On Wednesday 1st of March, I attended a workshop for school children, run by the learning team at the McManus: Dundee’s Art Gallery and Museum. The workshop explored the ‘Refection of the Celts Exhibition’ where the children loved discussing the culture, discovering the exhibition and making Celt inspired helmets.
On display in the ‘Refection of the Celts Exhibition’ hangs a painting called ‘Riders of the Sidhe’ by a Dundonian painter John Duncan. He painted this after spending time exploring Eriskay, Barra and Iona.  He describes;
“The mystery, exuberance and restraint of Celtic art”.
These feeling can be sensed as you wander around the exhibition and I began to think about artifacts and the exhibition experience, how do they add to the children’s understanding of the Celts? I believe the answer lies in a Celtic atmosphere created by the exhibition and the children freedom of choice.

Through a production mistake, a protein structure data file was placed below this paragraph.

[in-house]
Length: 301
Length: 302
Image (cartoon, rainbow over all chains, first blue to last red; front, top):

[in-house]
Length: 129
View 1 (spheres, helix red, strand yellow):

- Curiosity: Free to question and select what objects to look at and draw.
- Collaboration: They organise themselves into groups for the creative activity, this allowed each group to work well together.
- Creativity: Instruction was given on how to make the helmets but they were free to decorate using their own designs influenced by their research and experience.
Here some examples of their work.
 Jarron, M (2015). “independent & individualist” Art in Dundee 1867-1927. Dundee: Abertay Historical Society. P81.